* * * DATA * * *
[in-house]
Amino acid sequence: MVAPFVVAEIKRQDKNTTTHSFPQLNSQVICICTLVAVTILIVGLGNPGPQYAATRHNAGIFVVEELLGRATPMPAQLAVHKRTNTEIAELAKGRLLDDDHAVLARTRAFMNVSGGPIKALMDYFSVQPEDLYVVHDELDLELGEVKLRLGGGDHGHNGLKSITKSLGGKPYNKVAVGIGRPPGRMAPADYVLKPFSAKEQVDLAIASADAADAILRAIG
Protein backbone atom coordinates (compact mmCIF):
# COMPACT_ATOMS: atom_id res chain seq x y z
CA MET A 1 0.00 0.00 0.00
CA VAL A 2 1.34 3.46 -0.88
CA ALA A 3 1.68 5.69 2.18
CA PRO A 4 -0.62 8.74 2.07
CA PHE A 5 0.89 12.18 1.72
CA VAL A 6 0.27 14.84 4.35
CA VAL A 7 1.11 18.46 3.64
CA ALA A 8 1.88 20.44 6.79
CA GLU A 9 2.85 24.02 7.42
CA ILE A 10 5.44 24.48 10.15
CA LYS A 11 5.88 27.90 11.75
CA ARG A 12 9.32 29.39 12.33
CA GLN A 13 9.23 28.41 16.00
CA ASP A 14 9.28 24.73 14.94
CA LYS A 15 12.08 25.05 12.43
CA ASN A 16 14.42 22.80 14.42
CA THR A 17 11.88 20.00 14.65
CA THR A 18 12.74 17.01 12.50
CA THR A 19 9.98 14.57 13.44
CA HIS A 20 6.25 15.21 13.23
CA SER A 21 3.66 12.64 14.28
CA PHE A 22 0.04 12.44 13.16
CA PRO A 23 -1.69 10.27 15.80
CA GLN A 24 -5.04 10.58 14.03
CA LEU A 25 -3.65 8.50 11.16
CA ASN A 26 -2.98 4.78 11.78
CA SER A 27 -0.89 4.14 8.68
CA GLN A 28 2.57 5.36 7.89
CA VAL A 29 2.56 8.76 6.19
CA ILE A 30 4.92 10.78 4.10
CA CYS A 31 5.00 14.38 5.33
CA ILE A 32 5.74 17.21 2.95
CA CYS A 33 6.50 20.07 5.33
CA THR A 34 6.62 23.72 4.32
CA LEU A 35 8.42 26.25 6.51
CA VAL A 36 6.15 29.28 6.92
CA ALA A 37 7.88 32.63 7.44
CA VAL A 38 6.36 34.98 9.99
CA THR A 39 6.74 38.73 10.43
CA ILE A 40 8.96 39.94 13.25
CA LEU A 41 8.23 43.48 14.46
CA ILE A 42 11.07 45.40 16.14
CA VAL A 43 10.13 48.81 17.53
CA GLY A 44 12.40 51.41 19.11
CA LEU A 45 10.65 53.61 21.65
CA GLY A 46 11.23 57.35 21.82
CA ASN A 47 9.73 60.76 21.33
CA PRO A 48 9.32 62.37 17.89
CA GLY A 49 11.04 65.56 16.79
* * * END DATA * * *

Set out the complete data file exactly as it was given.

[in-house]
Amino acid sequence: MVAPFVVAEIKRQDKNTTTHSFPQLNSQVICICTLVAVTILIVGLGNPGPQYAATRHNAGIFVVEELLGRATPMPAQLAVHKRTNTEIAELAKGRLLDDDHAVLARTRAFMNVSGGPIKALMDYFSVQPEDLYVVHDELDLELGEVKLRLGGGDHGHNGLKSITKSLGGKPYNKVAVGIGRPPGRMAPADYVLKPFSAKEQVDLAIASADAADAILRAIG
Protein backbone atom coordinates (compact mmCIF):
# COMPACT_ATOMS: atom_id res chain seq x y z
CA MET A 1 0.00 0.00 0.00
CA VAL A 2 1.34 3.46 -0.88
CA ALA A 3 1.68 5.69 2.18
CA PRO A 4 -0.62 8.74 2.07
CA PHE A 5 0.89 12.18 1.72
CA VAL A 6 0.27 14.84 4.35
CA VAL A 7 1.11 18.46 3.64
CA ALA A 8 1.88 20.44 6.79
CA GLU A 9 2.85 24.02 7.42
CA ILE A 10 5.44 24.48 10.15
CA LYS A 11 5.88 27.90 11.75
CA ARG A 12 9.32 29.39 12.33
CA GLN A 13 9.23 28.41 16.00
CA ASP A 14 9.28 24.73 14.94
CA LYS A 15 12.08 25.05 12.43
CA ASN A 16 14.42 22.80 14.42
CA THR A 17 11.88 20.00 14.65
CA THR A 18 12.74 17.01 12.50
CA THR A 19 9.98 14.57 13.44
CA HIS A 20 6.25 15.21 13.23
CA SER A 21 3.66 12.64 14.28
CA PHE A 22 0.04 12.44 13.16
CA PRO A 23 -1.69 10.27 15.80
CA GLN A 24 -5.04 10.58 14.03
CA LEU A 25 -3.65 8.50 11.16
CA ASN A 26 -2.98 4.78 11.78
CA SER A 27 -0.89 4.14 8.68
CA GLN A 28 2.57 5.36 7.89
CA VAL A 29 2.56 8.76 6.19
CA ILE A 30 4.92 10.78 4.10
CA CYS A 31 5.00 14.38 5.33
CA ILE A 32 5.74 17.21 2.95
CA CYS A 33 6.50 20.07 5.33
CA THR A 34 6.62 23.72 4.32
CA LEU A 35 8.42 26.25 6.51
CA VAL A 36 6.15 29.28 6.92
CA ALA A 37 7.88 32.63 7.44
CA VAL A 38 6.36 34.98 9.99
CA THR A 39 6.74 38.73 10.43
CA ILE A 40 8.96 39.94 13.25
CA LEU A 41 8.23 43.48 14.46
CA ILE A 42 11.07 45.40 16.14
CA VAL A 43 10.13 48.81 17.53
CA GLY A 44 12.40 51.41 19.11
CA LEU A 45 10.65 53.61 21.65
CA GLY A 46 11.23 57.35 21.82
CA ASN A 47 9.73 60.76 21.33
CA PRO A 48 9.32 62.37 17.89
CA GLY A 49 11.04 65.56 16.79